How to Write a Good Abstract for a Research Project
In various areas, a report, essay, or study begins with an abstract. The abstract aims to sell your work; It should explain the subject of your project, the problem your research is trying to solve, or the question you want to answer, how you go about it, and what conclusion you came to. Abstract writing is an important part of publishing your research and you should strive to keep this part of your project detailed and well-written. A lot of people don’t know the importance of an abstract, and knowing how to write a good abstract inspired this blog article.
What is an Abstract?
An abstract is a detailed and short text that is used to describe more extensive research or work. This is an overview of the components of the project and will help the reader understand what the article is and what to expect before reading the rest of the article.
Don’t confuse it with a review report or job evaluation. It is an original piece of work, written after you are done writing the rest of the paper. It highlights the main points of your project; however, the components differ depending on the field you are writing for.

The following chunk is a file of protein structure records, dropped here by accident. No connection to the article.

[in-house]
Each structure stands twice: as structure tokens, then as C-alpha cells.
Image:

When writing a social or natural science abstract, the scope and purpose of the study, methods, results, and discussion are discussed. On the other hand, for the human sciences summary, state your thesis, your context, the results, and the conclusions of your research. A good abstract follows a certain format and a certain number of words from 150 to 250 words.
Types of an Abstract
Abstracts are also broken down into three different types: descriptive, informative, and critical. Each of them has different purposes and serves a unique purpose. Since their components are also different, it is best to ask your teacher and confirm what type of summary you should write.
In addition to a description of the results and essential information, a critical abstract provides a judgment or comment on the validity, reliability, or completeness of the study. The researcher evaluates the document and often compares it to other papers on the same topic. Critical abstracts are usually 400-500 words long due to additional explanatory comments. These types of summaries are rarely used.